This averages out to about 2 major champion changes per month (approx one per patch), along with multiple balance changes coming through the pipeline. All of these champion changes added some non-intuitive gameplay mechanics that can severely punish players who do not understand how to respond to them. Although I joke about Skarner and Dominion, the new mechanic doesn’t reveal the shift in power when a Skarner is in his “zone.” Skarner was wiping the floor with people prior to the nerf, but players who were less informed couldn’t respond to him; they probably didn’t know where his power was coming from.

Regarding reworks, my experience when playing with less seasoned players is that new mechanics with so much power attached them can feel oppressive and punishing. Fiora’s new passive deals damage based on a % of their health and gives Fiora a movement speed buff for 1.75 seconds. New players would perceive this as  “broken”; the problem isn’t so much the mechanic as the counterplay isn’t clear. Yet when a whole champion is changed, it takes more time for counterplay to develop. If Riot patches too quickly, counter-play doesn’t develop, and the playerbase develops a habit of complaining for change rather than discovering it.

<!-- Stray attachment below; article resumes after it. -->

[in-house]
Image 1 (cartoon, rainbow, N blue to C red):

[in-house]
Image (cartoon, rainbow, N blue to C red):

My main point here is to try and reduce the amount of content introduced in a patch and slow down on the leveling of tweaking constantly being done. I get scared reading patch notes because I’m afraid my champion will get nerfed out of play or a new item will create another Runeglaive monster.

What can Riot do? Here’s what I suggest:

Maintain a more stable gamestate – Skins/aesthetic content is great, but major champion tweaks shouldn’t be included mid-season and patches that have seen major adjustments should not see competitive play. We saw multiple games of the new Ryze that could lockdown a champion for excessive periods of time, something that Riot could have tweaked earlier (we saw this with post-rework Skarner). If competitive play could have a ranked state that saw changes less frequently, the game could find deeper counterplay and strategy. Simply updating champions and introducing new items every month makes me hold my breath for the next Runeglaive Ezreal in my games.

The latest slew of updates has created an unstable gamestate with too many volatile factors in the air. With the worlds stage right around the corner, my hope is that Riot releases only a small number of fixes and lets the dust settle before stirring up another storm of change. I think for the first time in a while, we can start exhaling in relief.